2. Cut them in half and press them into a measuring cup. You should have two cups of firmly packed tomatoes with their juice.
  3. Spoon out about two tablespoons of the tomato juice into a small bowl. Add the gelatin and mix it well with the juice.
  4. Put half the tomatoes and the gelatin into a medium saucepan and bring just to a boil, stirring until the gelatin is completely dissolved.
  5. Remove the pan from the heat and add the remaining tomatoes, salt and pepper, lemon juice, Worcestershire, parsley and celery leaves. Stir to combine well.
  6. Pour into a loaf pan or small mold. Cover with plastic wrap and refrigerate several hours or overnight.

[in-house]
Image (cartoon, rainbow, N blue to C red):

7. Serve the aspic sliced with a scant teaspoon of mayonnaise as garnish.
Notes
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Comments

    • says

      Hi Mari – I’m glad I could share something new with you. I’ve visited your beautiful blog, too, and found so many wonderful recipes there! I’ll be trying some soon.

  1. Lizzie in LA says

    My Mom used to make something very similar to this. She would now be 104, so I guess it’s really old fashioned. But then again so am I. Thank you so very much for this memory-provoking recipe. You’ve got to season the mayo!!

    • says

      Hi Lizzie. I did suggest several different versions of seasoned mayonnaise that you could use. However, the classic presentation is with a very good, usually homemade, plain mayo.

  2. says